That’s happening in four countries, and it’s early on in the process. We haven’t done the evaluation yet, but we are hearing anecdotal evidence that demand for sweet potato planting materials is exploding and that there is more and more interest in including it in farming systems and as part of the diet.
A third project was a bit different for us. We were asked if we could find a way to poll farmers on their opinions about certain agricultural policies in Tanzania. We invited five radio stations to partner with us, and we developed five poll questions by holding focus group meetings with farmers and agricultural advisors. Four of the questions were yes/no questions and one was multiple choice. The radio station broadcast the questions and invited farmers to vote with their phones. All they had to do was call a particular number (one number for ‘yes,’ one number for ‘no’) and hang up. In Africa, if you hang up before someone answers, there’s no charge, which means that it is free for the farmers to call and register their vote.
We were hoping to get 6,000 farmers to vote—we got 9,000. We presented the results to the President and the Minister of Agriculture at an event in Dar es Salam so that the leadership of the country heard directly from the farmers. It’s a way to use interactive radio not just to share knowledge or distribute information, but to give farmers a voice and bring their views and concerns to the attention of decision-makers.
FT: How and why did you get involved in covering youth mental health? What is your aim in that effort?
KP: From the beginning, the mandate of Farm Radio has been to study small-scale farmers in rural communities, and a lot of what they’re interested in learning about on the radio has to do with farming. However, we’ve also addressed health, environmental, and educational needs. Mental illness is something that is just recently being recognized as a very serious cause of morbidity and mortality in all parts of the world, not just North America and Europe. Depression and other mental illnesses cause suffering and can be life-threatening. We saw mental health information as an important need of rural households and farming families, and we also saw an opportunity to develop and learn about new communication methods for dealing with these sorts of issues.
Major depression normally first appears for a person in adolescence, and if it’s identified then and responded to appropriately, then it’s much less likely to be a recurring problem or a more serious problem in later years. Often, youth suffering from depression don’t know where to turn or even what depression is, nor do their friends or parents know what’s happening. They get inappropriate advice or are simply ignored. By having people know what it is, how to talk about it, and who they can talk to, youth can obtain help. Even fairly basic counseling from trained health providers can make a really big difference.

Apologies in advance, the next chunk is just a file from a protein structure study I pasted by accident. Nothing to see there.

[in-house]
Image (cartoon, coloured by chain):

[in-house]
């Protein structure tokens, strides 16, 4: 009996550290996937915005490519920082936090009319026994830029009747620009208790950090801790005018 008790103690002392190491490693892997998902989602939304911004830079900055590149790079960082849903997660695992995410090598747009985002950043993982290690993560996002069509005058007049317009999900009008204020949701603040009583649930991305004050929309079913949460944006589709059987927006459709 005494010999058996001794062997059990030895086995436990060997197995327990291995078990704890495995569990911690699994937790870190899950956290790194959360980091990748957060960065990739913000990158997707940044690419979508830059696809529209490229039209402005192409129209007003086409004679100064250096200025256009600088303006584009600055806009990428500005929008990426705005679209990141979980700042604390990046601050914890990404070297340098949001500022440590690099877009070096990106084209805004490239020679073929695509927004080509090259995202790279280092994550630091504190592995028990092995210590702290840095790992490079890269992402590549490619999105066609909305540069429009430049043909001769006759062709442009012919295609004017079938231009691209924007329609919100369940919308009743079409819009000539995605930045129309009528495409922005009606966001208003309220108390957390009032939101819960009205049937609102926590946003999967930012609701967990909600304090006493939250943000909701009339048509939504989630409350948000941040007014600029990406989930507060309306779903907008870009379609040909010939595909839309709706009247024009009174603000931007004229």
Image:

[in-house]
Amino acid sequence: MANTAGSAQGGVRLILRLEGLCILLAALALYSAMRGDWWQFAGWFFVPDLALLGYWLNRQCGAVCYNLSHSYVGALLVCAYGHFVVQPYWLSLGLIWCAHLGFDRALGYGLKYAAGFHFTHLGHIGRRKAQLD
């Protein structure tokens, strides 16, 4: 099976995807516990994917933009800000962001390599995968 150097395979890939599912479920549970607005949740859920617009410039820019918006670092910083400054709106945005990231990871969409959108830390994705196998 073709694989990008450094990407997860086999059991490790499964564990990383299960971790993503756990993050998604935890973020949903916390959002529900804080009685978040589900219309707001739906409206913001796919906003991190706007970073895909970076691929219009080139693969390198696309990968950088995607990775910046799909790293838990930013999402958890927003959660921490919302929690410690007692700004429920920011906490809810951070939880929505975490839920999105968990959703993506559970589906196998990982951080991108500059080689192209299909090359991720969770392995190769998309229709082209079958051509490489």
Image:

We’ve been working very closely with youth to create dramas about depression for radio that are kind of edgy and have a youth feel and vibe, and we’re working with the radio stations to hold talk shows after each drama that are by youth and for youth. In the case of Malawi where we started the programs, we’ve found that the dramas have been a huge hit. When the first series was coming to an end, the station was filled with complaints saying, You can’t let this come to an end! You have to keep this show on the air! We’re replicating this program in Tanzania and finding new ways to use interactive radio to help young people.
FT: What other new ways does Farm Radio International spread the word about farming methods?
KP: Most of the farm broadcasters in Africa have a bit of training in journalism, and they might have some understanding of agriculture. But, they haven’t had training in designing and producing programs that meet the needs of farmers, so we’ve developed a lot of training courses and training modules that directly work with producers and broadcasters. That’s had a really big impact.
In rural Africa, people belong to groups, so we help stations make listening to radio programs a group activity. We’ve helped form hundreds of these community listening groups. We cost share wind-up MP3 radios so farmers can record programs and play them back later or record their own voices and send the recording to the radio. Groups can listen to a program multiple times or listen when it’s convenient.
FT: Who are your partners?
KP: We work with agricultural research centers such as the Maize and Wheat Research Center, the International Livestock Research Institute, and the Consultative Groups for International Agricultural Research (CGIAR). We work closely with these organizations on content since we’re not content specialists; we’re specialists in the methodology and the process. We also involve farmers’ organizations and NGOs that work with farmers. We really play a role in convening and bringing these partners together to collaborate and provide a service to farmers.
Our main partners are the radio stations. Some of them are public; some are state-owned; some are community radio stations; some are set up by farmer’s organizations, church groups, or others; and some are commercial, privately-owned stations. As long as they’re committed to serving farmers in rural communities, we are happy to work with them.